In Mr. Berger's likelihood of confusion survey [103-2], Respondents were shown a photograph of two rows of boxed power tools, which according to Plaintiffs was taken in a retail Home Depot store. All of the products depicted in the photo were Plaintiffs' DeWalt products, except one, which was a Rockwell product sold by Defendants. Id. at 30. Respondents were asked if they believed that all the products were put out by the same company, and, if so, why. Id. at 31. Forty-seven percent of respondents said they believed that all the products pictured were put out by the same company. Id. at 43. In his report, Berger stated that the survey was designed to test whether Defendants' use of trade dress that is similar to Plaintiffs' caused consumers to mistake the source of Defendants' goods. Id. at 7.

         Prior to trial, Defendants moved to exclude Mr. Berger's survey based on Federal Rule of Evidence 702 and Daubert v. Merrell Dow Pharmaceuticals, Inc., 509 U.S. 579 (1993). Rule 702 permits the admission of expert testimony if “scientific, technical, or other specialized knowledge will assist the trier of fact to understand the evidence or to determine a fact in issue.” Fed.R.Evid. 702. Rule 702 requires that the district court act as a “‘gatekeeper' who determines whether proffered expert testimony is reliable and relevant before accepting a witness as an expert.” Winters v. Fru-Con Inc., 498 F.3d 734, 741 (7th Cir. 2007) (quoting Autotech Tech. Ltd. P'ship v., 471 F.3d 745, 749 (7th Cir. 2006)); see also Kumho Tire Co., Ltd. v. Carmichael, 526 U.S. 137, 147-49 (1999); Daubert, 509 U.S. at 589. The Court denied Defendants' Daubert motion, concluding that Defendants' criticisms of Mr. Berger's expert opinions went to their weight rather than their admissibility.

         At trial, the jury was required to decide, among other things, whether “Defendants have used power tool products and packaging in a manner that is likely to cause confusion as to the source, origin, sponsorship and/or affiliation of Defendants' products and associated packaging.” [216] at 26. Despite offering the survey as evidence that Defendants' trade dress caused customer confusion, however, Mr. Berger testified at trial that his survey did not test causation, but instead was merely “observational.” See Tr. Day 3, pp. 496-497, 519; see also Id. at 528 (Mr. Berger testifying that he was “not admitting . . . that this is a causal survey” and that he “d[id]n't believe it's a causal survey”). According to Mr. Berger, the survey was not concerned with whether Defendants' trade dress caused the consumers' confusion, but instead showed “[t]he confusion [that] was caused by the tendency to overlook the obvious”-in other words, the “idea of putting the same packages together and somebody just thinking that they're the same without looking carefully at them.” Tr. Day 3, p. 497.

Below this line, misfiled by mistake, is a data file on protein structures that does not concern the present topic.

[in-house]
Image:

After considering Mr. Berger's pre-trial submissions, his trial testimony, and the parties' post-trial briefing, the Court concludes that this is one of those unusual instances in which a proffered consumer survey was “so informally designed and conducted that it fails key tests of professionalism and reliability” and therefore should have been excluded from trial. 6 McCarthy on Trademarks and Unfair Competition § 32:158 (4th ed. 1999).

         Under Rule 702 and Daubert, “[t]he proponent of the expert bears the burden of demonstrating that the expert's testimony would satisfy the Daubert standard.” Lewis v. CITGO Petroleum Corp., 561 F.3d 698, 705 (7th Cir. 2009). “To meet Rule 702 and Daubert's standard of reliability, a survey offered to establish the likelihood of consumer confusion must ‘have been fairly prepared and its results directed to the relevant issues.'” LG Electronics U.S.A., Inc. v. Whirlpool Corp., 661 F.Supp.2d 940, 951-52 (N.D. Ill. 2009) (quoting Weight Watchers Int'l, Inc. v. Stouffer Corp., 744 F.Supp. 1259, 1272 (S.D.N.Y. 1990)) (citations omitted). “The criteria for the trustworthiness of survey evidence are that: (1) the ‘universe' was properly defined; (2) a representative sample of that universe was selected; (3) the questions to be asked of interviewees were framed in a clear, precise, and non-leading manner; (4) sound interview procedures were followed by competent interviewers who had no knowledge of the litigation or the purpose for which the survey was conducted; (5) the data gathered was accurately reported; (6) the data was analyzed in accordance with accepted statistical principles[;] and (7) objectivity of the entire process was assured.” Weight Watchers, 744 F.Supp. at 1272 (collecting cases). Although these criteria generally address the weight that a fact finder should give the survey, a survey ...